(Bloomberg) -- Virgin Atlantic Airways Ltd is cautious on how travel demand will evolve in 2024, as economic woes in the UK and geopolitical uncertainty make it difficult for the British airline to predict consumer trends in the coming year.
Elections taking place in the US and UK, the Russia-Ukraine and Israel-Hamas wars, and economic challenges in Virgin Atlantic’s home country make the outlook for next year “hard to call,” Chief Executive Officer Shai Weiss said in an interview.
A long, negative economic cycle since Brexit has had an impact on demand in the UK, particularly among corporate customers, Weiss said, speaking as the airline conducted the first transatlantic flight powered by fully sustainable fuels.
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“It’s just unusually unpredictable,” said Weiss. “I don’t think anybody would say they are super optimistic; it’s not super negative. I think you’re going to hear neutral to cautious.”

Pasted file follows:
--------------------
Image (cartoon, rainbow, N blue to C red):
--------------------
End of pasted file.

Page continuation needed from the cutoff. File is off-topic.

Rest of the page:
Weiss joins other major airline CEOs expressing less conviction of a repeat of 2023’s bumper summer business. IAG’s Luis Gallego said last month that the airline was mindful of geopolitical and macroeconomic uncertainty, while Air France-KLM signaled a more cautious stance going forward.
The airline chief said forward bookings were looking OK, and that the airline had a strong performance on Black Friday, extending its sale by a day due to strong demand.
Despite the caution over the coming year, Weiss said Virgin remains committed to returning to profitability in 2024 through focusing on what it can control, such as elements of its cost base.
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